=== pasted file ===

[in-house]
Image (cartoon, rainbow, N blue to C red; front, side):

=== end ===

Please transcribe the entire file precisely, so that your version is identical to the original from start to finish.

[in-house]
Image (cartoon, rainbow, N blue to C red; front, side):